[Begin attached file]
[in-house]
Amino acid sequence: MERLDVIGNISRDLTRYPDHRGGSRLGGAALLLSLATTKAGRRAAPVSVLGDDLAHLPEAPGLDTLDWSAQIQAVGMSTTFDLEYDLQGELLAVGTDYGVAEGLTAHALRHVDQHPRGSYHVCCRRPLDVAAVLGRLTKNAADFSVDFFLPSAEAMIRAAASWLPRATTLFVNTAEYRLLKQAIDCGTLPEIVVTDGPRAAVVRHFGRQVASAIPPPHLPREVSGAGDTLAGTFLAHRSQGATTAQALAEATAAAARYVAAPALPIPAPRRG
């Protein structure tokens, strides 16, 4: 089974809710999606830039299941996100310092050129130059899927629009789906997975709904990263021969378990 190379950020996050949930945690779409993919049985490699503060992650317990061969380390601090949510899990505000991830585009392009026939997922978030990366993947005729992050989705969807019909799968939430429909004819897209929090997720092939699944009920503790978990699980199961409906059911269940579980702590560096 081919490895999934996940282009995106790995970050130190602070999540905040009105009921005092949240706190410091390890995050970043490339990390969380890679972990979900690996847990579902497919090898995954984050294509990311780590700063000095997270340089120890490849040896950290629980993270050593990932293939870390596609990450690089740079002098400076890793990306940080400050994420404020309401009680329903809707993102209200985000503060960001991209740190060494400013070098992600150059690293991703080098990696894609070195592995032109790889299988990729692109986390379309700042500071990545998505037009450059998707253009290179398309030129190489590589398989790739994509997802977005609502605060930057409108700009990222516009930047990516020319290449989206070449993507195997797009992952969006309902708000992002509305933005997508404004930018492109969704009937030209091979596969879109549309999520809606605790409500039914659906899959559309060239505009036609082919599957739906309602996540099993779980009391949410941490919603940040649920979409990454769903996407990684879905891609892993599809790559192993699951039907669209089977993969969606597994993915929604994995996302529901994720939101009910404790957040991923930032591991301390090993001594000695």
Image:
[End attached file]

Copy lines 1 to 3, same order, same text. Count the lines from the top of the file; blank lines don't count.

[in-house]
Amino acid sequence: MERLDVIGNISRDLTRYPDHRGGSRLGGAALLLSLATTKAGRRAAPVSVLGDDLAHLPEAPGLDTLDWSAQIQAVGMSTTFDLEYDLQGELLAVGTDYGVAEGLTAHALRHVDQHPRGSYHVCCRRPLDVAAVLGRLTKNAADFSVDFFLPSAEAMIRAAASWLPRATTLFVNTAEYRLLKQAIDCGTLPEIVVTDGPRAAVVRHFGRQVASAIPPPHLPREVSGAGDTLAGTFLAHRSQGATTAQALAEATAAAARYVAAPALPIPAPRRG
């Protein structure tokens, strides 16, 4: 089974809710999606830039299941996100310092050129130059899927629009789906997975709904990263021969378990 190379950020996050949930945690779409993919049985490699503060992650317990061969380390601090949510899990505000991830585009392009026939997922978030990366993947005729992050989705969807019909799968939430429909004819897209929090997720092939699944009920503790978990699980199961409906059911269940579980702590560096 081919490895999934996940282009995106790995970050130190602070999540905040009105009921005092949240706190410091390890995050970043490339990390969380890679972990979900690996847990579902497919090898995954984050294509990311780590700063000095997270340089120890490849040896950290629980993270050593990932293939870390596609990450690089740079002098400076890793990306940080400050994420404020309401009680329903809707993102209200985000503060960001991209740190060494400013070098992600150059690293991703080098990696894609070195592995032109790889299988990729692109986390379309700042500071990545998505037009450059998707253009290179398309030129190489590589398989790739994509997802977005609502605060930057409108700009990222516009930047990516020319290449989206070449993507195997797009992952969006309902708000992002509305933005997508404004930018492109969704009937030209091979596969879109549309999520809606605790409500039914659906899959559309060239505009036609082919599957739906309602996540099993779980009391949410941490919603940040649920979409990454769903996407990684879905891609892993599809790559192993699951039907669209089977993969969606597994993915929604994995996302529901994720939101009910404790957040991923930032591991301390090993001594000695």